Oh, and thank god for laptops. Otherwise I'd still have ton's of cracked jewel cases, heavy photo albums, and notebooks full of wrinkled writing. I feel like the era we live in and modern society is kinda focused on paring things down... creating less waste and producing more utilitarian products. It's a refreshing change... thinking about all the s#*t people had crammed into their houses in the '80's and the god awful furnishings and designs makes me cringe!

Newspaperguy 03-19-10 12:11 PM


Originally Posted by Smallwheels (Post 10545397)
If you own your townhouse wouldn't it be great if you could just divide it some way so you could rent half of it? Could you modify the property to have a full bathroom and kitchen on each floor? If so you could just rent out the other half and never need to interact with your tenant. That would be easier than getting a stranger as a roommate.

In terms of the space, that would be no problem. I could easily live in 600 square feet. The configuration, however, makes it impossible to divide it in two separate units.

Wiggles_dad 03-23-10 09:38 AM

I'm living in one room again. I moved out here to Utah for graduate school and only brought what I could fit in my car. I moved to a one bedroom duplex and accumulated more things (namely 3 more bikes) after shedding many of my belongings. I recently moved into a house with some friends and had to make all of my belongings fit in a small bedroom. I have 3 bikes and all of my stuff in my bedroom and I once again feel liberated!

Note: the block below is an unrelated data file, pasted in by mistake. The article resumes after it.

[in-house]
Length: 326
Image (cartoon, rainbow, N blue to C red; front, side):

mr geeker 03-27-10 01:22 AM

don't own a car. dont own/ rent a house/apartment (live with aunt). no credit cards (never even gotten an offer from one). all of my possesions could fit in my panniers and my backpack. i do own a desktop computer (baught on sale cheaply). i own several books, not sure if i could part with them. no tv. i do own a dvd player and a vcr, but could easily part with them.

i do have a couple vices, coffee being first and foremost.

phillyskyline 04-06-10 11:15 AM

This thread is fascinating. I can't imagine my whole life fitting into a few bags, but I'm also tired of accumulating stuff I don't need. Since my partner and I are ditching our car in the near future, we've decided to get rid of a lot of the clutter and junk we never use--clothes, dishes, kitchen equipment, old furniture, books, and so on. We are terrible about throwing things away and tend to just cram them into a closet or a box in the basement, figuring we'll use them later. Of course, we never do.

We're starting the decluttering process with our clothes this week/weekend and will move on to the basement as soon as we get up the courage.

rutibegga 04-06-10 02:20 PM


Originally Posted by phillyskyline (Post 10631298)
This thread is fascinating. I can't imagine my whole life fitting into a few bags, but I'm also tired of accumulating stuff I don't need. Since my partner and I are ditching our car in the near future, we've decided to get rid of a lot of the clutter and junk we never use--clothes, dishes, kitchen equipment, old furniture, books, and so on. We are terrible about throwing things away and tend to just cram them into a closet or a box in the basement, figuring we'll use them later. Of course, we never do.

We're starting the decluttering process with our clothes this week/weekend and will move on to the basement as soon as we get up the courage.

Ahh, but you didn't mention some of the stuff we do: we avoid factory-farmed and processed foods, cleaners with chemicals, and we recycle and compost. We consume far less than most of the people we know, and are working on paring that down too. We bake our own bread, grow our own herbs, buy local, and even make our own beer! Don't sell yourself short, Phillyskyline!

himfilth 04-08-10 01:53 AM


Originally Posted by rutibegga (Post 10632324)
Ahh, but you didn't mention some of the stuff we do: we avoid factory-farmed and processed foods, cleaners with chemicals, and we recycle and compost. We consume far less than most of the people we know, and are working on paring that down too. We bake our own bread, grow our own herbs, buy local, and even make our own beer! Don't sell yourself short, Phillyskyline!

Wow!!! You make your own beer, thats freaking awesome!!!

Smallwheels 04-09-10 04:43 PM